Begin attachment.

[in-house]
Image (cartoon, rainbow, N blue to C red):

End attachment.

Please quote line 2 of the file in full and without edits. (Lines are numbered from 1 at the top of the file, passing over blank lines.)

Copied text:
Image (cartoon, rainbow, N blue to C red):